But what about the possibility of anger related to the person who has relapsed and their psychosocial makeup?  I know that I often feel guilty about relapse.

  My proposal for this “way to attain G-F Simplicity” is that forgiveness for the self as well as anyone else involved might help one more readily move beyond the anger and closer to a level of acceptance where getting back onto the Gluten-Free Wagon might be easier.

  I am talking about a self-proclaimed state of grace.  By “grace” I mean that one has the humility to accept ones own responsibility as well as the forgiveness to accept that of others, and finally the wholesome acceptance that no human is perfect.  There are many ideas about the word “grace”.  Just look at this one link:  My proposition is that grace regarding harm to self probably helps everyone involved.  Especially when the harmful act is already done.  Why make it worse with a bunch of anger, guilt and shame? 

  I like Grace better.  But admittedly, it is not always easy.

  Try it anyway.

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Relapse as Part of Recovery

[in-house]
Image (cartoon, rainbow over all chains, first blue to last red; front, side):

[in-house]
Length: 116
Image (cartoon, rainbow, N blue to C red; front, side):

Posted by nepeht on October 7, 2008

  According to Webster’s On-line Dictionary, the word “Reecovery” means:

  1. the process of combating a disorder (as alcoholism) or a real or perceived problem

  The same source defines relapse as:

  1. the act or an instance of backsliding, worsening, or subsiding
  2. a recurrence of symptoms of a disease after a period of improvement
In the noun form, “Relapse” comes from the 15th century.
Etymology: Middle English, from Medieval Latin relapsus, from Latin relabi to slide back, from re- + labi to slide — more at sleep

  As a person who is medically allergic to gluten, I have tried many times to be absolutely gluten-free.  Anyone who has tried this while living in the U.S. can tell you it is not easy.

  When I fall off the gluten-free wagon and treat myself to a sweet-roll, a piece of pizza or something else, I am relapsing.

  One of the probably consequences of this for me is a dramatic fall in my energy level.

  I will write more later.